ALD reactor 400 includes means for supplying energy to the reactable constituents or compounds in the process gases in chamber 401 on the surface of the substrate 402. The supplied energy causes the reactable constituents to react or decompose and deposit a thin film onto an upper surface of substrate 402. In one embodiment, the supplied energy includes thermal energy supplied by heat lamps 406. In the illustrated example, lamps 406 are positioned in the base of chamber 401. Heat lamps 406 emit a significant amount of near-infra red radiation that passes through susceptor 407 to heat substrate 402. Alternatively, susceptor 407 is heated by heat lamps 406 and substrate 402 is heated by conduction from susceptor 407. The heat lamps 406 may be placed at alternate locations according to the parameters of the specific deposition process being performed according to the present invention.
Another embodiment supplies reaction energy by a radio frequency (RF) generator 408 as shown in
In general, the energy sources 406 and 408 are intended to provide sufficient reaction energy in a region near the surface of substrate 402 to cause decomposition and/or reaction of the constituents of the present gas to deposit the first element, e.g., the metal species, in the process gases onto a surface of the substrate. One of ordinary skill in the art will understand upon reading the disclosure that any one, combination, or equivalent of the above can be employed to provide the necessary reaction energy.
One embodiment includes plasma reactors because these allow film deposition at lower temperatures and are used in the semiconductor industry. However, some reactant constituents in the process gases may deposit at low temperatures using only thermal energy or other energy sources. Hence, the invention encompasses reactor designs using any energy source including either thermal heating, RF plasma, or the like.
ALD reactor 400 is illustrated as a single wafer reactor, but it should be understood that the invention is applicable to batch reactors.
Furthermore, ALD reactor 400 includes associated control apparatus (not shown) for detecting, measuring and controlling process conditions within ALD reactor 400. Associated control apparatus include, as examples, temperature sensors, pressure transducers, flow meters and control valves. Associated control apparatus further include other devices suitable for the detection, measurement and control of the various process conditions described herein.
One of ordinary skill in the art will comprehend other suitable reactors for practicing the invention described in this application, for example the reactors described in U.S. Pat. Nos. 5,879,459 and 6,305,314, herein incorporated by reference.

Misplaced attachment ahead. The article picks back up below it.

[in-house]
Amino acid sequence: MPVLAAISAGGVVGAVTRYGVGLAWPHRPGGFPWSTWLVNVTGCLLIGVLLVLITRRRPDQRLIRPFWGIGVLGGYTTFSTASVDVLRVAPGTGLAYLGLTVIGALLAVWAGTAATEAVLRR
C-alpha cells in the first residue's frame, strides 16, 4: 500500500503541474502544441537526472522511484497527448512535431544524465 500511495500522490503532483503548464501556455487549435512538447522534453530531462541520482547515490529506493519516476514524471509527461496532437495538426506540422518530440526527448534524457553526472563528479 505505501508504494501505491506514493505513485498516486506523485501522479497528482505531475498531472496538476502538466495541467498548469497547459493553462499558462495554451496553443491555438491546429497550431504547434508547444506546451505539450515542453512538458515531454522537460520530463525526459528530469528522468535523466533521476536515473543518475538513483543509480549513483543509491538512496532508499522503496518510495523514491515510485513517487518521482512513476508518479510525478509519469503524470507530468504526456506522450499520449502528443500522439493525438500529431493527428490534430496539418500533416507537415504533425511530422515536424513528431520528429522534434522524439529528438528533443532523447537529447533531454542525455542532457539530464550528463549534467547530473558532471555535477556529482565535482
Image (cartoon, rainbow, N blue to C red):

The control system 510 includes, integrally or separable therefrom, a machine readable media 535 which contains instructions for performing the present invention. Media 535 may be an electrical, magnetic, optical, mechanical, etc. storage device that stores instructions that are read by control system 510. Such storage devices include magnetic disks and tape, optical disks, computer memory, etc. Control system 510 may also include a processor (not shown) for issuing instructions to control reactor 400 based upon instructions read from machine readable media 535.
It will be understood that the above description of a memory device is intended to provide a general understanding of the memory and is not a complete description of all the elements and features of a specific type of memory, such as DRAM (Dynamic Random Access Memory). Further, the invention is equally applicable to any size and type of memory circuit and is not intended to be limited to the DRAM described above. Other alternative types of devices include SRAM (Static Random Access Memory) or Flash memories. Additionally, the DRAM could be a synchronous DRAM commonly referred to as SGRAM (Synchronous Graphics Random Access Memory), SDRAM (Synchronous Dynamic Random Access Memory), SDRAM II, and DDR SDRAM (Double Data Rate SDRAM), as well as Synchlink or Rambus DRAMs and other emerging DRAM technologies.
With reference to
As shown in
Some examples of a circuit module include memory modules, device drivers, power modules, communication modems, processor modules and application-specific modules, and may include multilayer, multichip modules. Circuit module 800 may be a subcomponent of a variety of electronic systems, such as a clock, a television, a cell phone, a personal computer, an automobile, an industrial control system, an aircraft and others. Circuit module 800 will have a variety of leads 810 extending therefrom and coupled to the dies 710 providing unilateral or bilateral communication and control.